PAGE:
The Bribery Act has now been in force for more than five years, and most small business owners have at least some awareness of what it means and are conscious that they have a legal obligation to prevent bribery in their business.
But are you really clear on exactly what your responsibilities are and what you could be liable for? Here are our easy steps to understanding what impact the Bribery Act has on your business and what you need to look out for.
1. What exactly is ‘bribery’?
Bribery is not just about cash stuffed in envelopes, it’s about giving someone a financial or other advantage in order to encourage them to do something they shouldn’t. That would include trying to influence a decision-maker to give you a contract or similar.
2. When might my business be liable?
If someone senior in your business commits a bribery offence that would then be attributed to your business. Similarly if someone who provides services for your organisation, (like an employee, agent or consultant) commits bribery seeking to gain a business advantage for your organisation, your business would be liable unless you had adequate procedures in place to prevent that happening.
3. What do I need to do to defend myself against possible criminal action?
If you are a small business you probably have a low risk of bribery and the procedures you will need will be minimal as well. You need to think about the risks in your business, and although you hopefully did so when the Bribery Act came in in 2011, you may be a newer business or things may have changed, so it’s worth reviewing the situation regularly.
There are six principles you should think about to decide whether you need to change anything;
Proportionality – actions need only be proportionate to the risks you face and the size of your business. In a big company, or one which is operating in countries where bribery is commonplace, more would be required than in a small business operating solely in the UK.
Top Level Commitment – you need to make sure your management, staff and key people you do business with are clear you do not tolerate bribery.
Risk Assessment – have a think about the markets you operate in and the people you do business with and decide whether there is a risk of bribery.
Due Diligence – it’s common sense to make sure you know exactly who you are dealing with and make appropriate background checks before engaging anyone to represent your business.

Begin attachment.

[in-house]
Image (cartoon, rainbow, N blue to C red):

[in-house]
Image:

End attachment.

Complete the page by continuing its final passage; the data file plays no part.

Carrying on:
Communication – make sure your staff and others who perform business on your behalf are aware of what’s required of them in terms of what is or isn’t acceptable behaviour, and what procedures you have that they need to follow.
Monitoring and review – keep an eye on things as the risks may change over time or if you enter new markets.
4. Do I need a Bribery Prevention Procedure?
We don’t tend to recommend procedures for the sake of it, so if you’re a small business with minimal or no risk of bribery, you may not need a specific procedure. You may operate solely in the UK and have very low risk, you may have enough control over budgets and expenditure to make a procedure unnecessary anyway, or may feel a statement of your commitment in this area combined with the other policies you have in place is sufficient.
It will depend on the nature of your business and of the marketplace in which you operate. For some businesses a specific procedure would be expected or justified, or indeed required by bigger businesses who are your clients.
5. Can I still send out chocolates at Christmas or take clients out for dinner?
It’s all about being ‘reasonable’ and doing things in proportion. So yes you can. If the hospitality or gifts in question are excessive and out-of-proportion that may be a problem as it may be considered a cover for bribery, particularly where the recipient has a lot of influence on a significant business decision. But low-level hospitality should be fine.
Be clear with staff about who is authorised to undertake this kind of hospitality and ensure it is proportionate and not linked to business decisions of those you are hosting.
If you’d like further advice on how the Bribery Act might affect your business do get in touch.